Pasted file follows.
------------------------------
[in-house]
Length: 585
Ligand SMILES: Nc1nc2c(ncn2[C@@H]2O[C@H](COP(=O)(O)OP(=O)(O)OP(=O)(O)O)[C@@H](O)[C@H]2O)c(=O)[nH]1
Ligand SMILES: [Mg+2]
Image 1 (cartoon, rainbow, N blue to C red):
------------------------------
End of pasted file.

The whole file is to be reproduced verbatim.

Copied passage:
[in-house]
Length: 585
Ligand SMILES: Nc1nc2c(ncn2[C@@H]2O[C@H](COP(=O)(O)OP(=O)(O)OP(=O)(O)O)[C@@H](O)[C@H]2O)c(=O)[nH]1
Ligand SMILES: [Mg+2]
Image 1 (cartoon, rainbow, N blue to C red):